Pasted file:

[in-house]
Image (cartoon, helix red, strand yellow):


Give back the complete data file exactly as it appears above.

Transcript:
[in-house]
Image (cartoon, helix red, strand yellow):